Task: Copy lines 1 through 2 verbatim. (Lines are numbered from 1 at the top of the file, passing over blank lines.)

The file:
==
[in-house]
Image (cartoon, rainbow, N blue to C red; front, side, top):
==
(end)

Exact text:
[in-house]
Image (cartoon, rainbow, N blue to C red; front, side, top):